Here are our picks for what to stream this weekend.
The French-language title of writer-director Labidi’s first feature translates to A Couch In Tunis, which offers a much better sense of the wry social satire she’s constructed.
Golshifteh Farahani (Rosewater, Paterson) is Selma, a therapist who comes home to Tunis after a decade in Paris to set up a practice in her family home, only to find untangling her patients’ various eccentricities will be the least of her problems.
Arab Blues can be enjoyed as a simple culture-clash comedy, with Selma’s Westernized approach grating on her more conservative parents—and the community in general—while also bringing her into conflict with a pleasant but unyielding police officer (Majd Mastoura) who seems determined to find a reason to shut her down.
But it’s also about the disconnect of coming home to find you’ve outgrown your world, played against the subtext of a nation girding itself to accept profound change. And Farahani navigates that territory wonderfully, her marvellously deadpan performance finding unexpected angles on Selma’s mounting frustration with the society she’s trying to heal, one person at a time.
89 minutes. Subtitled. Available to rent at Digital TIFF Bell Lightbox. (Norman Wilner)
Glossy images of flames and smoke transforming B.C. into hell on Earth provide a vantage point to reflect upon how beauty, horror, serenity, and confusion can all coexist at the same time—a concept that simmers at the core of this haunting, unsettling psychological drama.
Amid the burning backdrop of the Okanagan, Stan (Tim Guinee), a reporter in Peachland, B.C., covers the firefighting frontlines, nurturing an ambition of breaking nationally.
But when police arrive at his home with a search warrant, his life is upended by disturbing sex-related allegations, and Stan plummets into mental deterioration as his long-smoldering internal anguish overtakes him.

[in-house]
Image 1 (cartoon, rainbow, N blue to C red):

Caught in the tangle is Stan’s wife Gail (Chelah Horsdal), who is torn between her relationship with him and revelations that unveil parts of Stan she never knew. While the narrative provides a fearlessly empathetic view of Stan, at the same time, it also details the impact the fallout has on Gail and community members.
Vancouver-based director Andrew Huculiak, whose stunning debut feature Violent garnered critical acclaim, and the screenplay by Cayne McKenzie, Joseph Schweers, and Josh Huculiak deserve commendation for thoughtful and deeply considered artistic steering through challenges of moral ambiguity and discomfort.
104 minutes. Available to stream at VIFF at Home. (Craig Takeuchi)
Random Acts Of Violence
There’s something dark and unsettling slithering around in Baruchel’s second feature, adapted by the actor-director and his writing partner Jesse Chabot from a 2010 comic by Jimmy Palmiotti and Justin Gray.
The movie follows comic writer Todd (Jesse Williams), his girlfriend Kathy (Jordana Brewster), his assistant Aurora (Niamh Wilson) and his publisher Ezra (Baruchel) as their road trip from Toronto to New York City is derailed by a string of murders directly inspired by—or perhaps connected to—Todd’s nightmarish stories of a serial killer called Slasherman.
The premise is comfortingly familiar, but the execution is anything but: Baruchel doesn’t treat either the murders or Todd’s traumatizing childhood backstory as excuses for showy camerawork or elaborate set pieces, instead depicting the brutality of physical violence as ugly, frenzied and cruel. This might divide horror fans looking for some stylish splatter, but I found it thrilling to watch the movie refuse to slot itself into a recognizable genre framework, and just push forward with its mission.
If Goon: Last Of The Enforcers was meant to give fans more of the thing they liked, Random Acts Of Violence is all about asking a different subset of fans why it is that they like their thing—and whether they’re really prepared to consider the ramifications.
80 minutes. Available now on digital and on demand. (NW)
The Umbrella Academy (Season 2)
After Season 1’s cliffhanger finale, which saw its heroes jumping back in time to stop the apocalypse they themselves had caused, the second season of Netflix’s comic-book series starts up in November 1963.
The superpowered Hargreeves siblings (Ellen Page, Tom Hopper, Robert -Sheehan, Emmy Raver-Lampman, David Castañeda) have been scattered across Dallas and forced to make new lives for themselves. And then time-travelling Five (Aidan Gallagher) arrives with news of yet another apocalypse that has to be stopped—and the show gets to make all of the same mistakes it made the first time around.